Digital and analog blocks make up the Gooseberry chip. A finite-state machine (FSM) is what coupled digital logic circuits perform communication, waveform memory, and autonomous operation through. The digital part contains a master oscillator. For easier communication with the higher parts of the stack, there is a serial peripheral interface (SPI). Charge-lock fast-gate (CLFG) cells make up the analog components. The charge-lock function is for charging gates, which contain individualised voltages for each qubit. The fast-gating function is what sends the voltages to the qubits from the gate, making it directly involved in qubit information processing.
These pulses pose a challenge, namely low power dissipation. There are three variables that impact dissipation, voltage level, frequency, and capacitance. The qubit sets the voltage, and both the qubit and clock rate of the quantum plane affect the frequency. Capacitance remains as the only variable that is adjustable when charging gates and sending pulses to create low power dissipation. Tiny capacitors are spaced closely and near the quantum plane, allowing for minimal power to shuffled charges as the qubits communicate with them.
There was a test conducted by the scientists to see how Gooseberry would work with a GaAs-based quantum dot device. The device had several gates connected to a digital-analog converter (DAC) at room temperature to compare results with standard control approaches. A second quantum dot was used to measure power leakage from the CLFG cells, and the quantum dot conductance was measured to monitor the charge-locking process. The temperature during operation stayed below 100mK within the needed range of frequencies or clock speeds.
The scientists estimated the amount of power Gooseberry needs to work as a function of frequency and the number of output gates. The results take clock speeds and temperature needed by the qubits into account. After calculations, the chip was found to be able to operate within acceptable limits while it communicated with thousands of qubits. This CMOS-based approach seems to be viable for qubit platforms based on electron spins or gatemons as well.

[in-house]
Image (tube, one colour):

The general-purpose cryo-compute core is a recent development that builds on Gooseberry. It can handle triggering manipulation and data. Having fewer limitations from temperature also allows it to deal with branching decision logic, and this requires more digital blocks and transistors than Gooseberry. The core works as an intermediary between Gooseberry and developer-writable executable code. This means that the qubits and outside world can communicate. It is possible to compile and execute many code types in a cryogenic environment, and this goes beyond what Gooseberry is already capable of.
Microsoft scientists believe that this is only the beginning, and more advancements are on the way to be discovered. They may take years but Microsoft is content at playing the long game.
About Microsoft Quantum
Microsoft is involved in the quantum industry, where its goal is to solve the toughest problems on the planet that quantum computing can tackle. Using world-class technology, the company is a leader in the industry. Microsoft also works with other quantum companies frequently.